2. re: scuzzo

          scuzzo, I'm really, really impressed .

        3. Well, can bake small in a toaster oven, and you can make, if not bake, certain things in a slow cooker. I use to make a banana bread in my slow cooker, and it was pretty tasty, but it didn't brown on top, which was unfortunate. I've also made my Christmas persimmon puddings in a slow cooker, and the non-browning was not an issue.

          1. Isn't this a perfect occasion for the Dutch oven?

            2 Replies
              1. re: JungMann

                What do you cook in a Dutch oven?

              2. well, if you have a lot of time on your hands, theres a way to "bake" cookies outdoors with the sun and some bricks- i went camping and one of our friends did this

                you need a foil covered cardboard box, some empty soda cans, a cooling rack or cookie sheet, a few bricks and patience
                just heat the bricks, put the soda cans around them, cookie sheet on top of the cans, cookie dough on top of that and box goes over all of it. leave it in the sun for a bit and you got yourself some cookies.

                4 Replies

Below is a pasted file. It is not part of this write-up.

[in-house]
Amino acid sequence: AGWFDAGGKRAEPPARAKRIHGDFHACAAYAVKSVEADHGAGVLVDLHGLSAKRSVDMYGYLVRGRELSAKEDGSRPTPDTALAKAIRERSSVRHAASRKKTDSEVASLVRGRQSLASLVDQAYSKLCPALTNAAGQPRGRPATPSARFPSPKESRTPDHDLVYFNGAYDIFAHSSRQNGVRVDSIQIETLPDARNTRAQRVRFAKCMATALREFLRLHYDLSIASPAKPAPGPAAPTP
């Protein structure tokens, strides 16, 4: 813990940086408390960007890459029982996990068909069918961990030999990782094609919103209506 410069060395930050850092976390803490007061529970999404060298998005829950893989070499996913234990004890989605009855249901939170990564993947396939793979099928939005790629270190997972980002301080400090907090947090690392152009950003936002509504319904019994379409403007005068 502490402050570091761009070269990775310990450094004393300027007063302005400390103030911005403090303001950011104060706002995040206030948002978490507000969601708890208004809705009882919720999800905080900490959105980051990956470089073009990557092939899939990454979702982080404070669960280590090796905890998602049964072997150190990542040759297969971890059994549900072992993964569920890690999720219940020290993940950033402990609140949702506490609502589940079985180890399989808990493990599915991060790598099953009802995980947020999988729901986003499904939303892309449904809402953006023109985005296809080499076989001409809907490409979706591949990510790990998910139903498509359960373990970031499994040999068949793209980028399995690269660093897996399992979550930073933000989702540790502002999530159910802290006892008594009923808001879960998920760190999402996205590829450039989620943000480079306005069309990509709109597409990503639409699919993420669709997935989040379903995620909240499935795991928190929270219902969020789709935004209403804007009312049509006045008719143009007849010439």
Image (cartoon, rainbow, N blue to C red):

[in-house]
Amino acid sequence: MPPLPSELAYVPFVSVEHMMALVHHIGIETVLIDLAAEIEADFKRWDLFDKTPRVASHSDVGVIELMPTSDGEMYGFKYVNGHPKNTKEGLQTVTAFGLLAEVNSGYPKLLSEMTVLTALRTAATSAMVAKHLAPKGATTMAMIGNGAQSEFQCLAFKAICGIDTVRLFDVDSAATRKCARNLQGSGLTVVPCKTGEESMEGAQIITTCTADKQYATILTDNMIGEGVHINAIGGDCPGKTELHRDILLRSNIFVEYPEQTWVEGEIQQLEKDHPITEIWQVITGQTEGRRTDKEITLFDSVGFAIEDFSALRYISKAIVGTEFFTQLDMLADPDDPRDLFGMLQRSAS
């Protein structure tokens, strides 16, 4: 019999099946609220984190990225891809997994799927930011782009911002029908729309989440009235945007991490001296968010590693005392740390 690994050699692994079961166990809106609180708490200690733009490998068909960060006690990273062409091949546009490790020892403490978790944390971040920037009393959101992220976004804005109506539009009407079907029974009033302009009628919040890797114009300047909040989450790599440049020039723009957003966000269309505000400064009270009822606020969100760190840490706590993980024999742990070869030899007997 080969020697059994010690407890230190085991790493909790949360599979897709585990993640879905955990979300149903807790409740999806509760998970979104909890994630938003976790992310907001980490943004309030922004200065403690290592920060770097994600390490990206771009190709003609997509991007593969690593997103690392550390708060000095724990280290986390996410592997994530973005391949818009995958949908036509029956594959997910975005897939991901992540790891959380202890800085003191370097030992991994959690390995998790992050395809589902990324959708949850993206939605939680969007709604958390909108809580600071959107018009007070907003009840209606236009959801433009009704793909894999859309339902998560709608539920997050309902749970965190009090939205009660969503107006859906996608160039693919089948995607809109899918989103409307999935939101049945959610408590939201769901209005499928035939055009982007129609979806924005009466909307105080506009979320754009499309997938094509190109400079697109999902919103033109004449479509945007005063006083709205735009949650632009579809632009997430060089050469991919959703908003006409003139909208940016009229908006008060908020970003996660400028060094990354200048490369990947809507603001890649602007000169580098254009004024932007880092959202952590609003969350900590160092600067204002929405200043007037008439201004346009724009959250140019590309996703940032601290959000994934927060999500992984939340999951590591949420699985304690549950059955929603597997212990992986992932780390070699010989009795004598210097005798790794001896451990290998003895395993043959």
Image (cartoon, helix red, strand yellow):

1. re: kimcheesoup

                  Seriously? Wow. Few questions. How did you heat the bricks? How long did you leave in the sun? And did they taste like normal cookies?

                  1. re: bite bite

                    well, we were camping, so of course there was a fire - you put the bricks on hot coals or wood thats not still burning like crazy (dont put directly in the flames!!!!! - too hard to get them out) and we left the box there for about 1/2 hour.... checking every so often and yeah, they tasted normal with the exception of a very slight smoky-ness b/c of the "fire bricks"... i think this would work on an over-cast day too, but it might take a little longer.... and you said you had a propane grill? i'm sure you could use it to heat the bricks, but i'm not sure how long (we used a campfire) if you decide to do it, let me know if it comes out okay, and how they tasted

                  2. re: kimcheesoup

                    Instead of the bricks, use charcoal brickets - each bricket is 40 degrees. I use a pie pan under the rack (held up by the soda cans) . Put whatever you want on the rack and put the box over - there should be a flap so the steam can escape. We've baked cakes in this - learned it in Girl Scouts.

                    1. re: Sitka

                      do you know about how many charcoal brickets to use?..... i guess it depends on the size of the box huh?